In its eight years of competition, the Golden Eagles have usually had solid girls soccer teams. Even with their talent, however, they hadn’t been able to get past the first round of the state tournament.
Maple Mountain finally broke through in 2017, then roared into the 5A semifinals. In two straight matches that required dramatic penalty-kick shootouts to determine a winner, the Golden Eagles emerged as victorious to secure the title.
7. Spanish Fork softball lays claim to dynasty label with third straight state title
The Dons have been one of the top high school softball programs in the state for years and the 2017 squad belonged in the conversation with the best ever.
Led by Utah Valley Player of the Year Cambrie Hazel at pitcher, Spanish Fork finished 30-3-1. Although league foe Uintah gave everything it had to upset the Dons in the title game, Spanish Fork was simply too deep and talented, earning its third straight championship.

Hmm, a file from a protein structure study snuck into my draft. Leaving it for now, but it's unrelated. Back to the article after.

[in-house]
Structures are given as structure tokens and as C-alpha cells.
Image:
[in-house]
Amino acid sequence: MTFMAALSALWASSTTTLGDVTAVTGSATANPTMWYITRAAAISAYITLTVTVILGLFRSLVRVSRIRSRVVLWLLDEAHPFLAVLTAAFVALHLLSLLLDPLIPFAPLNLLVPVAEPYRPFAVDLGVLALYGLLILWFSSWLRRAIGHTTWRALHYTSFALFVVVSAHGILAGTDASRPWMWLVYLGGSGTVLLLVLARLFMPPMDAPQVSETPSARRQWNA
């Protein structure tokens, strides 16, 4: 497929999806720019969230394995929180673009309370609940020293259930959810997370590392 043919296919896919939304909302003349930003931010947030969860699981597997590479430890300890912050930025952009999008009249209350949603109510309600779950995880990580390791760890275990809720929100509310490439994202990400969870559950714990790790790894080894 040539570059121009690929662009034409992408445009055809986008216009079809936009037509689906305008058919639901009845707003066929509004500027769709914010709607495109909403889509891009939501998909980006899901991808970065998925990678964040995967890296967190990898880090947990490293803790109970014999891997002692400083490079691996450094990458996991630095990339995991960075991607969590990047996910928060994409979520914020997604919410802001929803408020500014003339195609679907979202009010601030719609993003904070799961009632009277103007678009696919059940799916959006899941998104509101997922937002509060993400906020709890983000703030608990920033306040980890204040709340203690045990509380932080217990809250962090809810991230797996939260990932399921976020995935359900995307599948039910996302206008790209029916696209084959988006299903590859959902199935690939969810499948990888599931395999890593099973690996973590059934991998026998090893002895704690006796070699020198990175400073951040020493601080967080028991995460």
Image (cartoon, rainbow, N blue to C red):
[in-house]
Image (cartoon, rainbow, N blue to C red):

6. Utah Valley cross country runners and track athletes savor more state and national success
It’s no secret that the area has some of the best track and cross country not just in the state but in the nation — and 2017 continued that trend.
Springville boys won the 4A title at May’s state track meet, while in October’s state cross country meet, Pleasant Grove won the 6A girls title, American Fork won the 6A boys crown and Springville won the 5A boys title.
In addition, Timpview’s Aidan Troutner won both a state title and the Nike Cross Nationals championship.